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(Reference retrieved automatically from Web of Science through information on FAPESP grant and its corresponding number as mentioned in the publication by the authors.)

PHEMA Hydrogels Obtained by Infrared Radiation for Cartilage Tissue Engineering

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Author(s):
Passos, Marcele F. [1, 2] ; Carvalho, Nayara M. S. [1, 3] ; Rodrigues, Ana Amelia [1] ; Bavaresco, Vanessa P. [1, 4] ; Jardini, Andre L. [1, 3] ; Maciel, Maria Regina W. [1, 3] ; Maciel Filho, Rubens [1, 3]
Total Authors: 7
Affiliation:
[1] Natl Inst Biofabriat INCT BIOFABRIS, Sch Chem Engn, BR-13083852 Campinas, SP - Brazil
[2] Fed Univ Para UFPA, Inst Biol Sci, Sch Biotechnol, BR-66075110 Belem, Para - Brazil
[3] State Univ Campinas UNICAMP, Lab Optimizat Design & Adv Proc Control LOPCA, Sch Chem Engn, BR-13083852 Campinas, SP - Brazil
[4] State Univ Campinas UNICAMP, CTC Plast Dept, BR-13087261 Campinas, SP - Brazil
Total Affiliations: 4
Document type: Journal article
Source: INTERNATIONAL JOURNAL OF CHEMICAL ENGINEERING; 2019.
Web of Science Citations: 0
Abstract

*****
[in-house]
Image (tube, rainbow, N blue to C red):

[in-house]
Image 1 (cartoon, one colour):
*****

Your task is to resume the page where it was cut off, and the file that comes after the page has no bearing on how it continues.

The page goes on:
Although the exposure of polymeric materials to radiation is a well-established process, little is known about the relationship between structure and property and the biological behavior of biomaterials obtained by thermal phenomena at 1070nm wavelength. This study includes results concerning the use of a novel infrared radiation source (ytterbium laser fiber) for the synthesis of poly(2-hydroxyethyl methacrylate) (PHEMA) hydrogel in order to produce medical devices. The materials were obtained by means of free radical polymerization mechanism and evaluated regarding its cross-linking degree, polymer chain mobility, thermal, and mechanical properties. Their potential use as a biomaterial toward cartilage tissue was investigated through incubation with chondrocytes cells culture by dimethylmethylene blue (DMMB) dye and DNA quantification. Differential scanning calorimetry (DSC) results showed that glass transition temperature (T-g) was in the range 103 degrees C-119 degrees C, the maximum degree of swelling was 70.8%, and indentation fluency test presented a strain of 56%-85%. A significant increase of glycosaminoglycans (GAGs) concentration and DNA content in cells cultured with 40wt% 2-hydroxyethyl methacrylate was observed. Our results showed the suitability of infrared laser fiber in the free radicals formation and in the rapid polymer chain growth, and further cross-linking. The porous material obtained showed improvements concerning cartilage tissue regeneration. (AU)